Alex recently moved to Guelph after being called to Kortright Church as their new Lead Minister. He started on Nov.1st. From 1996, he served on staff at Knox Church, Toronto, most recently as Associate Minister, Leadership and Small Groups. At Knox, he was particularly focused on discipleship and leadership development among the university and young adult community. He was delighted to see six new elders in their 20s and 30s join the Knox session last spring. Alex grew up in Toronto and went to the University of Toronto for history and philosophy before a year studying in Beijing, China, turned him around. To his surprise, he ended up at Regent College in Vancouver, learning about biblical theology from people like Eugene Peterson. He received his M.Div. from Knox College and is currently slogging through a doctoral program in the History of Christianity at the Toronto School of Theology. He has taught modern church history at Tyndale University College and Seminary and writes occasionally for the Presbyterian Record, among other publications. Alex is married to Judith Michell and they have 3 young children. Alex loves to ride his bike, collect and consume hot sauces from around the world, drink pitch-black coffee, and make good use of public libraries.
Getting Outside The Box
Leaders in the church today sometimes wonder how we can be more hospitable towards a new generation of young adults as we try to welcome them into our congregations. I've found Leonard Sweet to be helpful in trying to explain the change in our emerging culture to those who want to better understand the generational gap which exists in our churches.
Leonard Sweet was a history professor until twenty years ago when he experienced a conversion while cleaning out his attic. He came across some mimeographed lecture notes in a box full of out-of-date course material. In an epiphany moment, he concluded that both his chosen profession and the church were like that — dependent on antiquated technology and stored safely away in the dusty corners of our culture. Ever since then, Sweet has been trying to help Christians get outside the box.
Sweet urges us not to settle for today, but rather to aim ahead of the culture. He's still an academic; he teaches postmodern Christianity and evangelism at Drew University in Madison, New Jersey. But he also spends a lot of time off-campus — writing, speaking, and travelling around the United States and Canada, teaching various organizations how to respond to what he calls "our emerging postmodern culture."
A New Way Of Understanding
"You can see the emerging culture in the way we've moved away from texts to images and from books to screens." Sweet elaborates. "All of us who were born before 1962 are immigrants to this new ethos which is full of images and centres on screens. There's a B.C. generation and an A.C. generation out there. You're either 'Before Computer' or 'After Computer'. Let's face it, young people communicate differently now. And if we want to influence those who might be the future church, we're going to have to take the plunge. We're going to have to get indigenous."
Sweet spins the metaphor out. He says that we find both "immigrants" and "natives" within the emerging culture. "Natives" are in their thirties or younger, and they can't even imagine a world without computers — to name two prominent "native" characteristics. But the church tends to draw its leadership from among the ranks of "immigrants". This is especially the case in mainline Protestant denominations. Above all, Sweet encourages us to work hard at keeping the "immigrants" and the "natives" together.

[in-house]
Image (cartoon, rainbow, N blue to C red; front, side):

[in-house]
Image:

"How do immigrants get to understand the foreign culture they're in?" he asks. "The answer is simple: they learn from the children and the grandchildren in their community. Immigrants have always done that. Let your kids guide you. Then let their kids guide you too. These are the natives. We absolutely need to listen to them. And we also have to be open to many of the ways they'll change us. Otherwise, our congregations won't have a voice. The church won't have anything to say; it just won't speak the emerging language."
A Missional Mind Set
Sweet sounds a note of impatience. "What are we so afraid of? Why do Christians run away from popular culture? Martin Luther told us to plunder the Egyptians. By that he meant that we should take whatever might serve the gospel from the so-called secular world. Luther produced some of our greatest hymns from barroom melodies and yet today some churches still hesitate to include drums in their worship. We've spent 500 years in a reformation mindset, focusing on the church. Now we need to develop a missional mindset. We need to go beyond church. What are people listening to? What's on the radio? Let's get out there and learn how to communicate."
Ancient Future Church
Sweet argues that our traditional "sit-and-soak worship" will not reach people today. He praises the Pentecostals and the Orthodox for modelling a new "ancient-future" way of being church. He describes their worship as "E.P.I.C.": it's Experiential rather than rational and intellectual; Participatory rather than focused on one person up at the front; Image-rich rather than text- and word-oriented; and Connective rather than individualistic.
This outline of how the culture has changed may be simplistic, but I've found it helpful for church leaders as we explore ways in which we can be reformed and reforming in the media we use. Marshall McLuhan said that the medium is the message. Whatever your view of that statement, we can perhaps agree that in trying to communicate the Gospel, we do well to renew our Reformation commitment to searching out the latest vernacular and building bridges from that kind of common ground.